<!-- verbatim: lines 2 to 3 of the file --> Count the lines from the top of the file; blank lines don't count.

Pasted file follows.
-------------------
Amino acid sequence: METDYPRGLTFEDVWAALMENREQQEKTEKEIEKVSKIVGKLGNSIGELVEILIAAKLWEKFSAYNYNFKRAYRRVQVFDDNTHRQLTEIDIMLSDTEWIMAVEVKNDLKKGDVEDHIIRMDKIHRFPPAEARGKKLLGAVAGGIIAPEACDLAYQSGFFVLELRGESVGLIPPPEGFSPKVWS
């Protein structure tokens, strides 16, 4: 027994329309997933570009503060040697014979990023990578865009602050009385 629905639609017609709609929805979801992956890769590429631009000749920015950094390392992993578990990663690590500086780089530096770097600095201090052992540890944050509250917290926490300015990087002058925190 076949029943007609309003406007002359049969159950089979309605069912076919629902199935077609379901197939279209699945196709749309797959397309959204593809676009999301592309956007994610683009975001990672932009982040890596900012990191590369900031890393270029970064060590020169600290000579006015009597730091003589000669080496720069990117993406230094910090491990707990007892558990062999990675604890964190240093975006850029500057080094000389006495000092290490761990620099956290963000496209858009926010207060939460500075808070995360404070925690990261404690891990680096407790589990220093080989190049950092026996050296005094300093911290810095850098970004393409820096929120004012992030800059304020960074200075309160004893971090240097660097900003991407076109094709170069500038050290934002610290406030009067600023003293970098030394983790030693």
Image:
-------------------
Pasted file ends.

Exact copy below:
């Protein structure tokens, strides 16, 4: 027994329309997933570009503060040697014979990023990578865009602050009385 629905639609017609709609929805979801992956890769590429631009000749920015950094390392992993578990990663690590500086780089530096770097600095201090052992540890944050509250917290926490300015990087002058925190 076949029943007609309003406007002359049969159950089979309605069912076919629902199935077609379901197939279209699945196709749309797959397309959204593809676009999301592309956007994610683009975001990672932009982040890596900012990191590369900031890393270029970064060590020169600290000579006015009597730091003589000669080496720069990117993406230094910090491990707990007892558990062999990675604890964190240093975006850029500057080094000389006495000092290490761990620099956290963000496209858009926010207060939460500075808070995360404070925690990261404690891990680096407790589990220093080989190049950092026996050296005094300093911290810095850098970004393409820096929120004012992030800059304020960074200075309160004893971090240097660097900003991407076109094709170069500038050290934002610290406030009067600023003293970098030394983790030693």
Image: